The government plans to remove bubbles and end routine contact tracing in schools on July 19, the health secretary has said today.
On July 19 it is our plan to remove bubbles and to end the requirement for early years settings, schools and colleges to routinely carry out contact tracing
Education secretary Gavin Williamson is expected to officially announce plans to end the current system for responding to Covid cases in schools tomorrow.
Williamson had all but confirmed bubbles would be ditched, but had previously said the changes would not kick in until the start of the summer holidays.
However his colleague Sajid Javid seemed to contradict that. Javid told the House of Commons today that “on July 19 it is our plan to remove bubbles and to end the requirement for early years settings, schools and colleges to routinely carry out contact tracing”.
“I will have more to say on how we intend to exempt under 18s who are close contacts from the requirement to self isolate,” he added.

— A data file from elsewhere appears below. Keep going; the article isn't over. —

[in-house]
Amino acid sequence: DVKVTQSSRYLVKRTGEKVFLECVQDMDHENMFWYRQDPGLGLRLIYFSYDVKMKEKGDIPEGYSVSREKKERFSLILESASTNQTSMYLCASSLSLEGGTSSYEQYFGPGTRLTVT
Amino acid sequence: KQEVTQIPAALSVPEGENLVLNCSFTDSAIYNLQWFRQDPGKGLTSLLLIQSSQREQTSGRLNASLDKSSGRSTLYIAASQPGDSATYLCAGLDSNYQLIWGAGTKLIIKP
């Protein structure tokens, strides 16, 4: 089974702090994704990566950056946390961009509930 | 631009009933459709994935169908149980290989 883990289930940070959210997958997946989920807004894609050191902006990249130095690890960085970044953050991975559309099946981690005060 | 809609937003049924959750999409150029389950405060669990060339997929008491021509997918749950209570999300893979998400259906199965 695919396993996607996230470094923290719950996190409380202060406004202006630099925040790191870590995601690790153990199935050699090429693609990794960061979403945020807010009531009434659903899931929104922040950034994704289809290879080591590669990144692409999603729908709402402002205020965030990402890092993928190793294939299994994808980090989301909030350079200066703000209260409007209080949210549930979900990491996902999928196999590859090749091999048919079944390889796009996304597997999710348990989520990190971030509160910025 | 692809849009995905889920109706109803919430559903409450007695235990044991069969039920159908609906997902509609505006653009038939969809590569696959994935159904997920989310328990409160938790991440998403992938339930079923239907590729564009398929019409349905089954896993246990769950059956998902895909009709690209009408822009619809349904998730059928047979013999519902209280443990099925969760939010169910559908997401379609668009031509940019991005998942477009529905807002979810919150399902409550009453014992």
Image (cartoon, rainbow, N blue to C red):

Prime minister Boris Johnson said tonight that testing in schools was “obviously the way forward”, as he claimed parents, teachers and pupils wanted to see a “different approach to outbreaks in schools”.
About 200 schools and colleges took part in a government daily contact testing trial which ended last month.
Johnson said Williamson would be announcing this week “how we’re going to move away from sending bubbles home and move away from contact isolation for pupils, so as to greatly reduce the impact on schools of Covid outbreaks in those schools”.
Williamson confirmed last week that he wanted school bubbles removed as soon as possible, because of the rising number of children isolating after a classmate tests positive. However, he pledged to inform leaders “in plenty of time before the start of the new term”.
Attendance statistics published last week showed an estimated 384,500 pupils (5.1 per cent) were absent due to Covid on June 24, with most isolating because of potential contact in schools.